Voice of Satan: Hand to God's a Wicked Piece of Puppet Theater


Aside: I told Hand to God director Irene Crist I'd let everybody know I attended a preview performance of the show. You know, the performance before the opening night performance, once called a "critic's preview," but now called "friends and family night." I promised I'd put the information front and center too, so here it is. The paint was literally, and figuratively still wet, but so what? I grew up on the other side of the footlights, and I always liked that smell. It smelled like the details coming together.

Promise fulfilled. Now, the review...
Hand to God. Holy shit. Maybe you should just clear your mind and let me give this to you like an elevator pitch. The time: Now, more or less. The place: A Sunday school room somewhere in suburban Texas. The plot: Margery is working through grief and an evidently difficult past by teaching teens how to reject Satan with puppets. She's a horny new widow doggedly pursued by a horny minister, engaged in a dangerous liaison with one of her horny young puppeteers, and emotionally ill-equipped to cope with her own horny, hurt, badly repressed, and clearly demon possessed teenager. Though sometimes compared to Avenue Q, because both shows contain  foulmouthed puppets doing shocking things, Hand to God is more like a mashup of The Exorcist and King of the Hill, all under the influence of Meet the Feebles,

There's something not quite right about the Circuit Playhouse's production, admirably directed by Irene Crist, with showy performances by Jordan Nichols and L.B. Wingfield, and a strong cast all around. It's a tonal problem. Something I like to call "outside the trailer park looking in" syndrome, with actors commenting on characters they need to inhabit. But it's not quite wrong either — except in the ways it's supposed to be.
Hand to God works like The Twilight Zone or Tales From the Crypt. It's a living comic book journey into mystery, complete with an ominous narrator. In this case, a gospel-preaching sock puppet named Tyrone. It's a trip to the House of Secrets in a Black Mirror universe much like our own, where humor and heartbreak spring from some really dark, sometimes genuinely upsetting places. Crist's take is a little more icky sit-com with lots of canned contemporary kiddie music. It should  appeal to the more mature end of the Stranger Things demo, but could stand a bolder, more cringe-inducing treatment.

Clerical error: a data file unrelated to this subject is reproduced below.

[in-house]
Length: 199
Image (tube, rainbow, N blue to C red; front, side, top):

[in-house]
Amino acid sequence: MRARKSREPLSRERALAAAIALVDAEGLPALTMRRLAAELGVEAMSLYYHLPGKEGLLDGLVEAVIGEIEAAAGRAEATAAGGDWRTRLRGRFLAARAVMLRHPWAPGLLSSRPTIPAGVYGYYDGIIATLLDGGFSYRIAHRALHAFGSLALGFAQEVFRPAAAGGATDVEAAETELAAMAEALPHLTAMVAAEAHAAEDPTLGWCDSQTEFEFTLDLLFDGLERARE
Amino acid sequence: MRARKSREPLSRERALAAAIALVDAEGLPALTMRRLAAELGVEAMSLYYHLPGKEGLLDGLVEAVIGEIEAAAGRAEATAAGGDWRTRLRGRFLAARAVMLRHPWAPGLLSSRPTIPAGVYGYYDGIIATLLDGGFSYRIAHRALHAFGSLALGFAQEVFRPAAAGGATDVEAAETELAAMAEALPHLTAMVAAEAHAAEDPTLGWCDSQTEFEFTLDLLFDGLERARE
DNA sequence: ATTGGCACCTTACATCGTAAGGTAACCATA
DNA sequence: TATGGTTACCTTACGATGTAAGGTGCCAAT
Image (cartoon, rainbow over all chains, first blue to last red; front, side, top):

Nichols uses young Jason/Tyrone's split personality to really show off his acting chops and it's impressive stuff.  The infernally-charged monster on the end of his arm has its own independent life — One that, unlikely as it seems, becomes even more unique and vibrant in the scenes Nichols plays with himself. The play's best moment happens when Jason and Jessica (L.B. Wingfield, wonderfully) have the show's first real breakthrough conversation. It's a feat they accomplish while their puppets are having nasty sex and too distracted to interrupt.

Tracie Hansom's about the bravest actor in town. She's always good and often great, though she didn't seem completely comfortable as Margery. The same goes for Sam Weekley as a minister with roaming hands and entitled fingers. He settles in when the good Reverend slips out of good ol' boy mode and into something a little more authoritarian.  As Timmy, the Sunday School bully, Jacob Wingfield takes care of business like the bad motherfucker in a John Hughes film.

I got the sense Hand to God was coming together late. On the night before opening actors were still too busy wrestling with their parts to be part of an ensemble. But they were getting there.

Freaky stuff, and recommended. But not for the faint of heart.


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